An automated tool integrated into an electronic health record to predict patients at risk of hospital readmission can help to reduce such rates, according to a new study published in the Journal of Hospital Medicine.
The researchers, from the University of Pennsylvania School of Medicine, determined that patients admitted to the hospital at least twice in the 12 months before admission are at "high risk" of being readmitted again within 30 days of discharge. They added that an automated tool identified the patients and created a flag in their EHRs.
Almost one-third (31 percent) of the patients who triggered the alert were readmitted. In contrast, when the alert was not triggered, patients were readmitted only 11 percent of the time.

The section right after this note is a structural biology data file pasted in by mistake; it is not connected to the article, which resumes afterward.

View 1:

Identifying those at high risk enables the hospital to provide increased interventions, such as arranging for home services and follow up calls.
"By automating the process of readmission risk prediction, we were able to provide risk assessment quickly and efficiently in real time, enabling all members of the inpatient team to carry out a coordinated approach to discharge planning, with special attention paid to those identified as being at the highest risk for readmission," Craig Umscheid, director of the Penn Medicine Center for Evidence-based Practice and senior author on the study, said in a statement.
EHRs continue to prove their potential worth in helping providers predict patients at risk, such as the likelihood of preterm births. Preventing readmissions is a major focus of health reform; hospitals with too-high readmission rates are subject to penalties.